Koren, however, warns that a lot of people make the mistake of investing everything and not having that short-term cash on hand.

He does prefer that any client has taken his class, and understanding cash flow needs is one of the key lessons in his six-hour session. “Know your net worth, and know what’s coming in and what you are spending,” he said. “If you don’t have a handle on those two things, it’s really hard to be successful financially.”

Meeting Room 8 600
In 2020, the pandemic rendered such classroom work inoperable. But RVA Wealth Management, like other financial advisor firms, answered the challenge virtually with videoconferencing. Zoom, YouTube and were all deployed.

For Koren, the key challenge was maintaining privacy for each client. “We had a password for every meeting,” he said. “Just being able to set that up was a learning process. Most of our client meetings we’d conduct with GoToMeeting, because their encryption is better and it was critical to safeguard passwords and usernames.”

Zoom was used for quarterly market updates, but was logistically challenging with often 70-80 people on a call. YouTube was ultimately favored for large presentations because it could be broadcast with minimal background noise. “YouTube can be watched at the client’s convenience, and then they would send us emails for us to answer directly,” Koren explained. “This has been a whole lot more effective in reaching out to larger groups.”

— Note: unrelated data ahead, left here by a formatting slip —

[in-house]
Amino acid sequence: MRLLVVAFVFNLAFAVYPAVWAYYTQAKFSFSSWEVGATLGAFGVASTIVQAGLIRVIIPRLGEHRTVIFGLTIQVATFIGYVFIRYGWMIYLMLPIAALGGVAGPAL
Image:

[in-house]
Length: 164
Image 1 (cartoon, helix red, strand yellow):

Meanwhile, Koren has several thoughts to share on changes taking place in the industry. He loves disruptive technology in general (Amazon, Uber, etc.) but believes online trading platforms and so-called robo-advisors fall short as bonafide financial planning tools

“I think banks need to be more concerned than financial advisors,” Koren said. “It’s much easier to automate almost everything on the banking side. On the financial planning side, most tools I’ve seen are just scraping the surface, and are not really robust at all. Full-blown financial planning requires a lot of work.”